United States surveyors, including myself, were camped at Blue Cross Grove
engaged in sudividing township 80, range 35 (now Leroy township). My friend John S. Jenkins, and his son John came up from the Big
Grove to our camp for a hunt with
me, game being plentiful. We two
started off together, westward from
camp. During the day a heavy
snowstorm came on; we got
bewildered, lost all idea of direction and wandered around long
into the night, completely lost. At
one time we heard a strange noise
near us, as of many large animals running through the snow, making the
peculiar whistling sound of the elk when startled. We supposed we had
run into and startled a band of those animals, but it was too dark to
see them. (The writer has heard
this sound made by elk. By old hunters
it is called 'Bugling,' and is made by the bull elk as a challenge or note of defiance.
It is a peculiar sound and somewhat resembles the notes of a bugle.)
Continuing our tramp later into the night, we entered a brush patch and stopped to rest, being
tired out and hungry.
Mr. Jenkins was in worse plight than myself and complained that
his feet were hurting him. I
suspected that his feet were frozen, which
afterwards proved to be the case. We
gathered fuel and started a fire.
Mr. Jenkins proposed to remove his boots and examine his feet; but
I persuaded him not to do so, as he would have difficulty in putting them on again. We
made a bed of brush and dried grass and he laid down and slept, while I watched and tended the fire.
Towards morning the clouds
parted and I got a fair view of the Great Handled Dipper and the North
star, and so fixed the direction in my mind.
When morning came it was
still cloudy and the sun was obscured all day.
Jenkins awoke very much
discouraged, still complaining of his feet, and expressed doubt that
we should ever reach home again. I
tried to encourage him and pointed
out the direction I thought we should travel.
He disputed me and said he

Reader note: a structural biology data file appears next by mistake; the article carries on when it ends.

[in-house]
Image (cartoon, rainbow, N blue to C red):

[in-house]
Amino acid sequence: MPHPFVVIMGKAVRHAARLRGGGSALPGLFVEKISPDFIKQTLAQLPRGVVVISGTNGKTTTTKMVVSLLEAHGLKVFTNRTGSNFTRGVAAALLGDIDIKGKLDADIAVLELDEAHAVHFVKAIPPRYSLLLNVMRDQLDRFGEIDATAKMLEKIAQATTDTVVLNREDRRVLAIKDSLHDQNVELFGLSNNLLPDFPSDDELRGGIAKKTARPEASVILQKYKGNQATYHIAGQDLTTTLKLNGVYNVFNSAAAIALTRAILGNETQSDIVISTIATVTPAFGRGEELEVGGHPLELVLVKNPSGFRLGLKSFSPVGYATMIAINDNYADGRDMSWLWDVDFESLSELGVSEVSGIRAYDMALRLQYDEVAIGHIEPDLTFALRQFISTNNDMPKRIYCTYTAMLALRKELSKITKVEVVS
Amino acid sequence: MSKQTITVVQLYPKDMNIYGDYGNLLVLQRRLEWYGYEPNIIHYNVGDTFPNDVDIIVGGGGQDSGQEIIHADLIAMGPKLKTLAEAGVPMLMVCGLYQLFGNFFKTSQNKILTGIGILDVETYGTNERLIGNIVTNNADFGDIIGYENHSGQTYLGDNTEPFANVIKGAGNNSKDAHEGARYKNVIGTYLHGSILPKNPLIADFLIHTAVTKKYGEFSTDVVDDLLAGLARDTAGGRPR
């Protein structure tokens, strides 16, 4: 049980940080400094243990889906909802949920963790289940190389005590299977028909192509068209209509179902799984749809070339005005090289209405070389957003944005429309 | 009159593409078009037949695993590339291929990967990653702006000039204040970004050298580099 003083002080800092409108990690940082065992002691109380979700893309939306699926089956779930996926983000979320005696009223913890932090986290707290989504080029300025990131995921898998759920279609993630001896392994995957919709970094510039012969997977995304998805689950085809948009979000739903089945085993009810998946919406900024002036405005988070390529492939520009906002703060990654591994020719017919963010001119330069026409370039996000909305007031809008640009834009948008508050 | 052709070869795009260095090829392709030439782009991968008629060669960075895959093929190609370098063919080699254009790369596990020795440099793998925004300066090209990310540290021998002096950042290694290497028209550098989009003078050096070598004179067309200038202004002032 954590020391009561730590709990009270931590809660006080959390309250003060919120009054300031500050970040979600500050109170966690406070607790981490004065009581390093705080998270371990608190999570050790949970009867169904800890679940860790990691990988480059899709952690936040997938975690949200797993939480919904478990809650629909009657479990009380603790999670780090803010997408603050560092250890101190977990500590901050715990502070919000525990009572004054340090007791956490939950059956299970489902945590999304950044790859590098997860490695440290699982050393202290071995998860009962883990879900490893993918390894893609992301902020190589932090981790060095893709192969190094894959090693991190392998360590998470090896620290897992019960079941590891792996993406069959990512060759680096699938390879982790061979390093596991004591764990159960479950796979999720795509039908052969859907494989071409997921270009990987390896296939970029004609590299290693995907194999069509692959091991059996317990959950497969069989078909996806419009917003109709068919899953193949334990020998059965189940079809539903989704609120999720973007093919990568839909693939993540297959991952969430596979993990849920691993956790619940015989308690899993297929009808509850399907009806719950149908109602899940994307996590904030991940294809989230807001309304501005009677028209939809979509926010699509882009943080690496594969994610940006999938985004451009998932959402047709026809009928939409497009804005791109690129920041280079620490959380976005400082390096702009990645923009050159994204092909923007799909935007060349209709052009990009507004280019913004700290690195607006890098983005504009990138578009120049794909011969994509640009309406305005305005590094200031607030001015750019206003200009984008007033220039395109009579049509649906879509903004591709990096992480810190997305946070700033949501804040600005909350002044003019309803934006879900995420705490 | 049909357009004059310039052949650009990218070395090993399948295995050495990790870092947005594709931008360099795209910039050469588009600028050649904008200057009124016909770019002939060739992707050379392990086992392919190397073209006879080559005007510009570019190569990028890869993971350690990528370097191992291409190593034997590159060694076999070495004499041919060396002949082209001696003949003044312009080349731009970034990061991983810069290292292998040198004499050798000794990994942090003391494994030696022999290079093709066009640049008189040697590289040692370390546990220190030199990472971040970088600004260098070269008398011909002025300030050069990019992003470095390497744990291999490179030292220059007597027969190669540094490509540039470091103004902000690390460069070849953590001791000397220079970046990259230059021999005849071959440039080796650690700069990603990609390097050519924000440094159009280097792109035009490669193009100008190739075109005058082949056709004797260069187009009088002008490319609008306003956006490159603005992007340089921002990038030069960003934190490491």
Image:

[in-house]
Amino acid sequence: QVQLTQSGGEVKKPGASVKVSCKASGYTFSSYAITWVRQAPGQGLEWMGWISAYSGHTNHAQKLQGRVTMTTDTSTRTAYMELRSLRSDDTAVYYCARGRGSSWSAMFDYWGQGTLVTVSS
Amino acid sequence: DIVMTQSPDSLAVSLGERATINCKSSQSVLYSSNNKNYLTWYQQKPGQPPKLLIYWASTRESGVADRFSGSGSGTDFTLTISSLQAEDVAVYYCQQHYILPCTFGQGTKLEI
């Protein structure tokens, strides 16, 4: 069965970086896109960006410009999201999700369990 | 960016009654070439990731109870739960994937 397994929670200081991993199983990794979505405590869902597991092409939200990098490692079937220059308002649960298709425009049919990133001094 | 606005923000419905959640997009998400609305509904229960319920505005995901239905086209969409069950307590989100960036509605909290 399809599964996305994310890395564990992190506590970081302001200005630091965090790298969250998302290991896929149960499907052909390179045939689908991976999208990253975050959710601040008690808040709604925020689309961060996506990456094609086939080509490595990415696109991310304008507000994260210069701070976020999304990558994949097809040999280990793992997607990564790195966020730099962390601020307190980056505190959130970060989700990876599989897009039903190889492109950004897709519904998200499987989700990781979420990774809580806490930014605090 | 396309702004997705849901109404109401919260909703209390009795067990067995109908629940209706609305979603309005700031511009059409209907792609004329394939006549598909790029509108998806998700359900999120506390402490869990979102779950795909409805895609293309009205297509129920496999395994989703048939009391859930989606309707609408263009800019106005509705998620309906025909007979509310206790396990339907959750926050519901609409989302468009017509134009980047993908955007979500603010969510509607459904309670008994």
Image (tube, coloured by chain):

thought we should travel in nearly the opposite course.
I said, 'There is north,'
pointing, as I believed, in that direction.
He had no idea that I knew
the direction any better than he did, and he replied:
'And who in h---, sir, told you that was north?' I explained to
him of my seeing the North star while he had slept, and he cooled down,
but apparently not convinced and despondent; said we were lost beyond
hope of discovery; that no one would know where to search for us, and
that if anyone attempted to find us there was hardly a chance of success,
and that he believed we must perish. I
urged that we should succeed by
following the course I suggested. He
admitted that he was in doubt what
direction we ought to travel, and finally consented to follow me
that day, but did not hope to succeed. We
took up the march towards the east,
as it afterwards proved. We came
out on what must have been the main
divide between the waters of the East and West Botna rivers, and
there Mr. Jenkins rebelled and became more obstinate than before. He insisted we were traveling the wrong direction, and that we
should change our course and
proceed northwest along the divide. I
was confident we were on the right
course, but pleaded with him in vain. We shook hands, parted, and each pursued his chosen course, he to
the northwest, along the divide,
and I took a southeast course down a ridge,
until nearly out of sight of each other, when, turning to take a parting
look at him, I saw him wave his hat. I
made a similar response and waited
for him to return. When he joined
me he said he had forgotten his
promise to follow during the day, apologized and promised to make his word good. We
proceeded again until Mr. Jenkins became more discouraged and complained.
I carried his rifle to relieve him and took him by the arm to encourage him to proceed.
Late in the afternoon, in crossing
a slough, his feet became entangled in the long, wet grass, matted
down by the heavy snow, and he fell. I
offered to assist him to arise, but
he refused; said it was useless; that we were lost beyond help; that his feet were used up; that we were without food or
fire and must perish; that he might
as well stop where he was to punish himself by attempting to travel farther.
I stooped down and struck him a smart blow with the back of my hand on his face.
The effect was instantaneous. He
sprang to his feet like a steel trap and demanded why I had insulted him. I
told him it was to show him that he was not so near dead as he imagined, and that I had proved it.
He accepted my explanation and we again proceeded. Upon reaching the top of another ridge I thought the surrounding country and lay of the land
looked familiar. I believed we were in the vicinity of our camp and so informed
my companion. I then remembered my
dog, a favorite white hound, who
was at the camp, and told Mr. Jenkins that if I could make 'Zack'
hear my voice he would come to us. So